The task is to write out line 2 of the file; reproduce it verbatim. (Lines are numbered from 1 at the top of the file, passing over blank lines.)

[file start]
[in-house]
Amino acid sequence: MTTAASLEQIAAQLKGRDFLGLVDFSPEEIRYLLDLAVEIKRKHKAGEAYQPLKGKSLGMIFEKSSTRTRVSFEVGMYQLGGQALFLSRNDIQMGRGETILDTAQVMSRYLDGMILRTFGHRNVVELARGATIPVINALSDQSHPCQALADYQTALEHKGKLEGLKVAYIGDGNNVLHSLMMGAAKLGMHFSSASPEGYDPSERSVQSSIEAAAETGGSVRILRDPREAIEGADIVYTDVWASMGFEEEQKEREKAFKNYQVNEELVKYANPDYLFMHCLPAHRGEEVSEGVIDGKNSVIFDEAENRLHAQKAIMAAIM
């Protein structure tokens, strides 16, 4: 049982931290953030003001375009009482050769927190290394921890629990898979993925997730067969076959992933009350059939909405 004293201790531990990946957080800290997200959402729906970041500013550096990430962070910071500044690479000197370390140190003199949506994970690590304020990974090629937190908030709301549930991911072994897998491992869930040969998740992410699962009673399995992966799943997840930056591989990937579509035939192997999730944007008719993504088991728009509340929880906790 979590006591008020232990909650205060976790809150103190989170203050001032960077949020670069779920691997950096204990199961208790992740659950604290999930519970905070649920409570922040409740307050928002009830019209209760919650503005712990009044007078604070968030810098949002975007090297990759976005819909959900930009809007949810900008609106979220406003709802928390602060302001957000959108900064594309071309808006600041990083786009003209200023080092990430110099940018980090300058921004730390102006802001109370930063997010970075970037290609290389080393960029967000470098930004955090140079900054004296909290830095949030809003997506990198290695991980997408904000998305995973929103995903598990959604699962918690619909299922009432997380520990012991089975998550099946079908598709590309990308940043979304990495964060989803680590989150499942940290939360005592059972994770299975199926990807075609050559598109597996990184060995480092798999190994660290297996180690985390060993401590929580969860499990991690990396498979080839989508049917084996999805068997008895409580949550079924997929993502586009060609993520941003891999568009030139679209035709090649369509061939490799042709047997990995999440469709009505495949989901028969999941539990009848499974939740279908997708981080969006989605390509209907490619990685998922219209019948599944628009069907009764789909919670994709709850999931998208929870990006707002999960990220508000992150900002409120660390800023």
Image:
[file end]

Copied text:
Amino acid sequence: MTTAASLEQIAAQLKGRDFLGLVDFSPEEIRYLLDLAVEIKRKHKAGEAYQPLKGKSLGMIFEKSSTRTRVSFEVGMYQLGGQALFLSRNDIQMGRGETILDTAQVMSRYLDGMILRTFGHRNVVELARGATIPVINALSDQSHPCQALADYQTALEHKGKLEGLKVAYIGDGNNVLHSLMMGAAKLGMHFSSASPEGYDPSERSVQSSIEAAAETGGSVRILRDPREAIEGADIVYTDVWASMGFEEEQKEREKAFKNYQVNEELVKYANPDYLFMHCLPAHRGEEVSEGVIDGKNSVIFDEAENRLHAQKAIMAAIM